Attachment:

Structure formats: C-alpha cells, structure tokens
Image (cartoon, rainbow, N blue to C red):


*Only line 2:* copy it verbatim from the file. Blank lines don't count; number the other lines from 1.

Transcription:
Image (cartoon, rainbow, N blue to C red):